In another lawsuit appearing not so much in favor of Apple, the Cupertino giant might have to pay a massive $862 million in penalties for infringing patent registered to the University of Wisconsin-Madison.
Apple is alleged to be using a technology , which is owned by the University of Wisconsin-Madison’s licensing arm, without permission in chips of many of its devices. The technology was designed in 1998 and serves the purpose of enhancing the efficiency of processors.
As per claims, Apple uses that technology in many of its devices. Following this claim, the jury was considering whether Apple’s A7, A8 and A8X processors violate the patent or not. The jury has verified that the patent registered to the University of Wisconsin-Madison is valid.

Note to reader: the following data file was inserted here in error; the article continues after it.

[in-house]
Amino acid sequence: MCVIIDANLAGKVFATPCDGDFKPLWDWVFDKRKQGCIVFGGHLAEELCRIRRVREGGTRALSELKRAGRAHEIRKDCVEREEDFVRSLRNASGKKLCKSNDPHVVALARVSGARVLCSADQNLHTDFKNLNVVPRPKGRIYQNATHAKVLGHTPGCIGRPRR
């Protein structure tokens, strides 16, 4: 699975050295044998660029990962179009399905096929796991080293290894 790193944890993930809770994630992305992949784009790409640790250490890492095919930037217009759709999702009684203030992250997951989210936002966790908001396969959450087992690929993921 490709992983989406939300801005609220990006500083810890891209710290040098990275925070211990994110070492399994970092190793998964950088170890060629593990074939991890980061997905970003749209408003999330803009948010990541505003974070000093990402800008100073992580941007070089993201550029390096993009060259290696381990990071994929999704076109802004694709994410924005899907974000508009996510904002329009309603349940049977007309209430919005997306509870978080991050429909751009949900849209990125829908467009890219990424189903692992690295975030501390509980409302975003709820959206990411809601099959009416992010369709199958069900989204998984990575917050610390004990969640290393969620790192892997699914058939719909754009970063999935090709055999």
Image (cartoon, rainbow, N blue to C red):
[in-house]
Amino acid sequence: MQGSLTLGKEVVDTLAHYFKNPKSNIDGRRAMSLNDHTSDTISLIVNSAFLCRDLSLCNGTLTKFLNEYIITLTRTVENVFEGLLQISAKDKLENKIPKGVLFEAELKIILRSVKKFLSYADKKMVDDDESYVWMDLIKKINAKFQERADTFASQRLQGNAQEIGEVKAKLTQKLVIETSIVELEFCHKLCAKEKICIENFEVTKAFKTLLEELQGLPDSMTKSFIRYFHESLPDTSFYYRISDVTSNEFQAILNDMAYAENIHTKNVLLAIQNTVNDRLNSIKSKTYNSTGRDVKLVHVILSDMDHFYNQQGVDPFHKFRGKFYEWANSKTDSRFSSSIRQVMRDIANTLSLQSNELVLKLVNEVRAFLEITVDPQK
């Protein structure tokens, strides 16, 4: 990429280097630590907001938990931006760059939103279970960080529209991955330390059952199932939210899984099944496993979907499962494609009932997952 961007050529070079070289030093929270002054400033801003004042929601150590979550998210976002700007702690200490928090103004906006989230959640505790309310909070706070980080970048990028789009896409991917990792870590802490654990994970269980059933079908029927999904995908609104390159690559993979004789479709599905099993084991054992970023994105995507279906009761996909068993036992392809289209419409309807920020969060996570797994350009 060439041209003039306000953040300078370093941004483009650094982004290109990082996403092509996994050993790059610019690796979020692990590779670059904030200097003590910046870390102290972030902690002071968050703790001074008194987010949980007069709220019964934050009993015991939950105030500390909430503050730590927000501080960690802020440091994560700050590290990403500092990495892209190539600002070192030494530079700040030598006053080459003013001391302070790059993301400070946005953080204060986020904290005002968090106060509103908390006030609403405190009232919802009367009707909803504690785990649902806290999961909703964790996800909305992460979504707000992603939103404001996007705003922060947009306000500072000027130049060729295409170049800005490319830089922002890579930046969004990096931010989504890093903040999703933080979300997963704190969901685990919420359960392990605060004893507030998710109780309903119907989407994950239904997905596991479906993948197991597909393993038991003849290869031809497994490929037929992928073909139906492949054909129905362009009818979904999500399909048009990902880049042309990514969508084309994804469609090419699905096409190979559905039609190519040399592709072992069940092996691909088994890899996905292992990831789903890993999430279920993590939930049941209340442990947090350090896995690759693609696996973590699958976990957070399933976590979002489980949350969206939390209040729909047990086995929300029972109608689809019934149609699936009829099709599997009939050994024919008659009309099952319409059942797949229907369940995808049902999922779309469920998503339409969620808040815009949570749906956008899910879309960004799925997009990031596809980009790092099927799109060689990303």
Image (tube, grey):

Last month, WARF launched a second lawsuit against Apple, this time targeting the company’s newest chips, the A9 and A9X, using in the iPhone 6 and 6 plus.
The Wisconsin Alumni Research Foundation (WARF) filed a case against Intel back in 2008 for using the same patent, but it was immediately settled out of court. Now, for the same patent WARF has dragged Apple to the doorsteps of court.
The trial will move forward to determine the damages that the university is owed. However, the judge presiding over the case has suggested the figure could reach as much as $860 million.
The case is Wisconsin Alumni Research Foundation v. Apple Inc in the U.S. District Court for the Western District of Wisconsin, No. 14-cv-62.